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  3. After thinking about this a bit I decided that maybe it’s a consequence of Boomers and even some of us borderline Boomers pushing the idea of pursuing your bliss… thing is, your bliss still needs to pay the bills. Maybe we should move more toward telling young people to FUND their bliss. Then their “bliss” can be off key amateur fun.

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  4. I suspect she doesn’t like capitalism because no one will give her money for her terrible art (or useless degree in same), and she thinks that Comrade Bernie would.

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  5. Lots of good people, who’d like to be rich and are willing to work at, call themselves capitalists. I don’t think so many of the really rich are as willing to call themselves capitalists as entrepreneurs or even just business men.

    “Capitalism” does have the bad name of being about making money. As the main thing. As the only thing.
    It has this bad name because the folks mostly talking about it are against it, and they label those who only care about money as “capitalists”, and they’re against them. This is the straw man argument.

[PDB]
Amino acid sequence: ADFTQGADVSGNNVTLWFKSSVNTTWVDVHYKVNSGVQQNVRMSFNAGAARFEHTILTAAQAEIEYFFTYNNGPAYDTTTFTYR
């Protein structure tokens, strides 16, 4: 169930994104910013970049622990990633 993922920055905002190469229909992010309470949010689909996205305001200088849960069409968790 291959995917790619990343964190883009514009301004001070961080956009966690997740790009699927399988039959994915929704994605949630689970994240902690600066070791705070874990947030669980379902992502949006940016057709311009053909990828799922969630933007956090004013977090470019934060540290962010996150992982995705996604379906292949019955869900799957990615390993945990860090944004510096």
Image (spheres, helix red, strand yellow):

But there are, a few, people who do seem far more interested in making money than anything else. That’s a mistake. Money is a big value, but not the only value. Materialistic comfort, which most of the anti-capitalists still want, comes more from a market capitalistic system than any other.

    However, Chinese “commie”-capitalism, more like crony capitalism with market based price setting for many goods, perhaps “market Communism”(?), has been fantastic for the average Chinese person. Far better than the corrupt capitalism of post Opium War humiliation of China by the West, plus the Sun Yat Sen, Chiang Kai Shek; then Mao and terrible socialist Communism.

    Monetizing everything is a “materialist” lie – calling such monetizing “good”, and saying any hobby is good only as much as it is monetizable. The idea that only monetizing something makes it good, that idea is a wrong. There’s not a good word for that wrong idea, so anti-capitalists have seen an idea-market opportunity to add that wrong idea as part of their description of capitalism.

    This woman, and the many many others like her, are victims of those anti-capitalists, but also show the idea weakness of the pro-capitalists in more completely describing what capitalism is. And better naming for materialism, and monetizing ideas that are related to, but not the same as, capitalism.